I am a Libertarian. I believe that market processes based on secure property rights and competitive ‘exit’ provide the best hope of discovering ‘solutions’ to the vast majority of socio-economic problems including environmental ones. Profit-driven capitalism and its desire to ‘make people pay’ for goods they were previously consuming ‘for free’ provides the key to solving most environmental dilemmas – it is the embodiment of the ‘polluter pays principle’. Seen through this lens, there are many environmental assets currently held under ‘open-access’ conditions or subject to government ownership and/or regulation that could and should be ‘privatised’ – whether at the level of individuals or companies, or as suggested by Elinor Ostrom at the level of cooperatives and mutual associations. These include land-based assets such as forests, minerals, and wildlife, which can be subject to various ‘fencing’ technologies; stationary resources such as oyster beds; and water-based assets such as rivers and inshore fisheries that are also relatively excludable with existing technology. Empirical studies of such assets under open access, government ownership and private ownership show that tradable property rights promote more sustainable management practices (for a summary of this evidence, see L. De Alessi, 2005). As exclusion technologies evolve this class of assets may be extended to include even such resources as offshore fisheries and some regional forms of pollution.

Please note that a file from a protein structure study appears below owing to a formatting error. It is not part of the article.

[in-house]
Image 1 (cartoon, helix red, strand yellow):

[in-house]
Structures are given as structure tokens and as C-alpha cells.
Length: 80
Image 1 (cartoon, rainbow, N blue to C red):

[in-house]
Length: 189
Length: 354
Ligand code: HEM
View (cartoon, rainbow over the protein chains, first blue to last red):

All this said, as a Libertarian I have no hesitation in recognising that anthropogenic climate change presents a potentially serious ‘market failure’. Even allowing scope for entrepreneurs to develop new techno-institutional devices Libertarians need to bite the bullet and recognise that ‘privatising the atmosphere’ is a fantasy. To make this admission, however, is not to suggest that there is any realistic non-libertarian solution to the problem. On the contrary, in order to reach this conclusion one would need to subscribe to at least three assumptions that are no less fantastic than the idea of privatising atmospheric resources. The first of these assumptions is the belief that government’s can be trusted to develop cost effective schemes to reduce emissions given their abysmal record at estimating accurately the costs of much more basic public infrastructure projects. The 1% of GDP estimated by the Stern Report to be the annual cost of reducing carbon dioxide emissions seems remarkably optimistic in view of the recommendation that cuts in emissions per unit of output need to reach the order of 80% by 2050. If Stern’s projected costs turn out to be as inaccurate as was the much simpler task for UK authorities of estimating the cost of the Scottish parliament building (and countless other similar schemes) – which came in more than 1000% above target – then the economic costs of climate change policies may turn out to be far greater than the costs of climate change itself.
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Mark Pennington is the author of Robust Political Economy: Classical Liberalism and the Future of Public Policy